So now it's time for a Tuesday Teaser! Lately I've been working on Rage more than anything else, so I guess that is what I will post for today. Enjoy!
“Natasha, dear. You're shaking. What's wrong?”
I bowed my head. “Mother Dearest, I … I don't know if you'll forgive me for what I did.”
“I'll always forgive you, dear.” She placed one of her hands over mine. “Now tell me, what is it?”
“I went into the forest.” I said it before I could stop myself. I dared to look up, and saw Mother Dearest's gray eyes grow wide.
“Do you mean … ?”
“Yes. I went … far into the forest. It––It was a demon that attacked me.”
A moment ago, Mother Dearest's hand had been gentle and comforting, but now she gripped my wrist with surprising strength and hissed, “What were you thinking?”
I'd never seen her like this––her eyes blazing, her whole body trembling. It took me a moment to get over my surprise and find my voice again.
“I don't know,” I answered hoarsely. “I'm sorry.”
“Sorry?” Mother Dearest repeated the word like it carried a fatal disease. “You could have disrupted the entire balance …” She trailed off, sinking back into her chair again and letting go of me.
I rubbed at my throbbing wrist, my head reeling.
“I'm sorry,” Mother Dearest sighed, but I could see that she was still shaking.
“No, I … You have a right to be angry,” I said. “And I know I should never have gone into the forest. But, listen to me. I––I need to tell you what I saw.”
Mother Dearest didn't protest, but she didn't urge me to keep speaking, either. She only looked at me, her face draining of color until it was nearly white. Although I'd always known she was old, I'd always thought of her as being eternally young and strong. Now, for once, her age showed in every line on her skin. She appeared so small, so frail. I was almost afraid my words would break her apart … yet, I had to tell her. She was the only one who would be able to do something, if anyone could.
“I think … I think maybe the Sacrifices are still alive,” I said.
Mother Dearest still didn't answer. She only gazed at me, the fire flickering in her eyes.
“I met someone in the forest,” I went on, my voice lowering until it was almost a whisper. “It was dark and I couldn't see, but … I'm pretty sure he was a human being. And he knew Caroline. He thought I was her.”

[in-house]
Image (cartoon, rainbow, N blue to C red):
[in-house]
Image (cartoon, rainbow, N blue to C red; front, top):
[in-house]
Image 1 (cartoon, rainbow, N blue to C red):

Mother Dearest looked away, holding tightly to the armrest on her chair. The only sound in the room was the fire crackling.
“Please,” I said, at last. “You have to believe me. There was someone in that forest, and … and my sister could be out there, too.”
“I believe you,” Mother Dearest answered, her voice empty of emotion. She slowly rose to her feet, and stood before the fire with her back facing me. “Who else have you told?”
“Did you tell anyone else about what you saw?”
“No, I … only Brandon.”
Mother Dearest turned toward me, half of her face illuminated in the fire's orange glow, and the other half in shadow. “And what did he say?”
“He said not to tell anyone. But, I felt like I had to tell you. I thought you'd know what to do.”
“Hmm,” Mother Dearest murmured. She strolled away from the fireplace, walking along the wall and trailing a hand over her books. “Natasha, you would be wise to listen to your older brother.”
Almost involuntarily, I jumped to my feet. “What?”
“I don't want you telling anyone else about this.” Mother Dearest pulled a book from place and opened it, leafing through its pages.
“But––But I know what I saw!” I burst, unable to contain myself anymore. “I'm not insane. Don't you understand? We need to do something!”
“Like what?” Mother Dearest snapped, slamming her book shut. “Send everyone into the forest with their weapons, only to be slaughtered by demons?”
“Our population is dwindling, Natasha. We can't afford that.”
“But what about the Sacrifices? What about Caroline?” A lump swelled in my throat, choking my words. “We need to try …”
“No.” Mother Dearest turned around briskly, pushing the book back into its place on the shelf. “I don't want to hear another word about this. I don't want you spreading this story of yours throughout the Village, either. I want you to pretend like this never happened, do you understand?”
No. No, it wasn't supposed to happen like this. Mother Dearest was supposed to make everything all right. She was supposed to see that this was our opportunity to go into the forest, to save the Sacrifices, to kill the Monster.
“I'm the only person who's ever made it out of the forest alive!” I cried. “How can you tell me to forget what I saw?”
“Because you were never supposed to see it,” Mother Dearest said. “And your story will only endanger the other Villagers. Please, Natasha. Stay away from the forest, and never tell anyone what you saw there.”
“Promise me.” Mother Dearest's eyes flashed, like a pair of gray storm clouds flickering with lightning.
I looked down, noticing how my dirty old shoes appeared out-of-place in the middle of the intricately designed carpet.
“Yes, Mother Dearest,” I whispered. “I promise.”